Tech Leadership

‘Friending’ Students: A Case of Community Values


The law usually lags behind society when it comes to defining and regulating questionable behavior. Nowhere is this more in evidence than the issue of teachers and other educators “friending” students on Facebook.

Embedded in this simple question are complex value judgments that the law and the teaching profession have not yet resolved, but here are some suggestions to consider.

The odds are low that you’ll find yourself with a sex scandal on your hands from a teacher friending a student. Still, a lot of online banter between teachers and students starts off innocently, but casually drifts into personal matters that we all would agree are off limits in any teacher-student relationship.

Facebook is certainly a more convenient venue for this sort of misbehavior than has existed in the past, but we are kidding ourselves to think this problem didn’t exist before the Internet. What the easy access and impulsivity of this new medium have done is lay bare a long-standing failure to stake out the acceptable boundaries of teacher-student relationships away from school.

Unique Characteristics
So let’s begin with some questions that have nothing to do with online behavior, per se, but bring the social networking issues into sharper focus.

Is it ever acceptable for staff and students to communicate with each other outside of school? If so, for what purposes and with what limitations? You’ll be surprised at the differences of opinion these questions may provoke within your leadership team, but how you answer them will carry you most of the way to resolving the friending problem.

I disagree with those who suggest there should be a uniform standard across the profession governing off-campus relationships with students. My own experience representing school districts large and small persuades me the correct approach is the one that reflects the unique values of your school community.

In close-knit districts where most staff members live locally, teachers may play many roles in the lives of students, such as scoutmaster, youth group leader, recreation sports coach, neighbor or relative. Off-campus interaction may be viewed more tolerantly in these communities than in others, where the only entrée to students is the school itself. Even in-school relationships between staff and students may call for different answers, depending on whether the employee is a nurse, counselor or athletic coach.

Policy Dictates
Once you’ve settled on your baseline expectations for teacher-student relationships outside of school, the task of confronting the social networking issues will be far less daunting.

If your district believes access to teachers on Facebook has value, I advise against teachers friending current students. Even among adults who use Facebook, friending can be a dicey exercise, fraught with ambiguity and unstated expectations. Are you now a member of your new friend’s inner circle? Is it a personal slight to ignore a friend request? There is no general agreement on these matters.

What we do know is that friending usually allows one to view your entire Facebook profile, including personal data, photos and at least some portion of your other friends’ Facebook profiles as well, so it’s not a choice to be taken lightly.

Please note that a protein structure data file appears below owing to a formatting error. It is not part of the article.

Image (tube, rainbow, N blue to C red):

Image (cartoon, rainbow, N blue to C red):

Introducing children into the mix only heightens the confusion about roles and responsibilities. In school, we would hope that teachers are viewed by their students as authority figures and role models, but without some clear ground rules laid down by the teacher in advance, wouldn’t friending of students tend to erode their image as such? And what are the potential legal implications if the teacher views a picture of a young friend engaging in risky behaviors or a student passes along to the principal a thoughtless and embarrassing comment the teacher posted on her Facebook wall?

We don’t know the answers yet and will have to proceed cautiously until enough cases are litigated to generate some definitive guidance from our appellate courts. In the meanwhile, teachers who recklessly fraternize with students in this online playground risk reading about themselves in tomorrow’s headlines.

Separate Purposes
A better alternative is for teachers to create separate Facebook pages specifically devoted to school-related business. Students can become “fans” without friending the teacher. Care should be taken to avoid the perception of favoritism toward those students who choose to participate.

Special rules may be appropriate for athletic coaches and extracurricular club advisers who would have reason to communicate with students after hours in the ordinary course of their duties or for school counselors who deal with students in a therapeutic capacity.

The law will afford you a fair amount of latitude to develop guidelines that reflect your school district’s values, but, once developed, the guidelines should be communicated promptly and uniformly to your staff. From a legal standpoint, employees are entitled to fair notice of work rules they could be disciplined for violating. More importantly, effective notice to the staff hopefully will prevent unprofessional behavior in the first place.

David Rubin is an education lawyer in Metuchen, N.J. E-mail: